Joyland Delivers

Thank you, Stephen King, for being so prolific.  I mean it.  I don’t know how you keep cranking out these diverse, page-turners.  I first saw Joyland staring back at me from the shelves at Powell’s Books.  I already had several used books in my arms and wrote the title down in my list of “books to read”.


Then I just kept thinking about it.  I mean just look at the cover.  I couldn’t get it out of my head.  Not for the scantily clad woman, but the colors and the font and the kitsch.  It screamed pulp fiction.  And then as any of you who read this blog know, Stephen King is on my short list of awesome writers.  So, Joyland made it to the front of the queue.

It is a quick read and a nifty little mystery.  Devin Jones narrates the story, but in a flashback from forty-five years in the future.  So the reader is given an adult perspective on the somewhat poignant, impulsive summer in the life of a twenty-one year old.  King captures it brilliantly, noting:

When you’re twenty-one, life is a roadmap.  It’s only when you get to twenty-five or so that you begin to suspect you’ve been looking at the map upside down, and not until you’re forty are you entirely sure.  By the time you’re sixty, take it from me, you’re fucking lost.

Who can’t relate to that?  I’ve definitely concluded my map is upside down but haven’t completing given up yet on finding my way.  And, had Devin been writing contemporaneously, we wouldn’t have gotten this perspective which does so much to shape the tone of the book.

Devin, a work-study student at the University of New Hampshire in the 1970s, has secured a summer job working at the Joyland amusement park in coastal North Carolina.  On his first day, he and the entire summer workforce, hear from Joyland’s founder, 90-something, Bradley Easterbrook who tells them:

You’ll have interesting, fruitful lives, my young friends.  You’ll do many good things and have many remarkable experiences.  But I hope you’ll always look back on your time in Joyland as something special.  We don’t sell furniture.  We don’t sell cars.  We don’t sell land or houses or retirement funds.  We have no political agenda.  We sell fun.  Never forget that.

Sounds like someone I know quite well.  :)  And what a kick-ass, first day of work speech.  Like Devin, I thought to myself, how many people can put sold fun for three months on their resumes?

Devin’s girlfriend, Wendy, is working in Boston and shortly into the summer sends him a “Dear Devin” letter.  They have been going steady for a couple of years, but haven’t done “It” and aside from not having done “It”, there shouldn’t be much to miss about Wendy.  But Devin is twenty-one and just suffered his first major heartbreak, so he doesnt see it like that and it takes awhile to snap back.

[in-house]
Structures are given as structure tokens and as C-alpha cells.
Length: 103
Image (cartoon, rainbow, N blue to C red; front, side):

The old-timers working at Joyland, including Lane (his mentor), Fred (the general manager), Mr. Easterbrook (the owner), Madame Fortuna (the park’s fortune teller), his two of his housemates, Tom and Erin (also working at Joyland for the summer), and eventually, Mike and Annie Ross (neighbors down the beach), play a big role in Devin’s memorable summer.  He learns about a young woman, Linda Gray, who was killed four years earlier on Joyland’s Horror House ride.  No one was ever arrested for her murder, though several pictures taken in the park that day show Linda and her boyfriend, the presumed killer.  Not a single picture shows the man’s face, though, and eventually the case goes cold.

Several people tell Devin that Linda’s ghost still haunts the Horror House ride, and he is determined to see her.  When he, Tom and Erin go on the ride on a day off (they are never posted to work in the Horror House), Tom is the one who sees Linda’s ghost and the image haunts Tom for the rest of his life.  Mike Ross, a young boy in a wheelchair who is slowly dying of Duchenne’s muscular dystrophy, warns Devin against digging too deep into Linda Gray’s death.  Mike has visions, like Madame Fortuna does — not that Devin believes either of them.  But both prove to be correct on more than one occasion.  Eventually, Devin enlists Erin to help him solve Linda’s murder, and eventually he does.   With a little help from Mike and his warning –”Be careful, Dev.  It’s not white.”  And though Devin solves her murder, he never actually sees Linda’s ghost.  But he sees enough to know that she was real.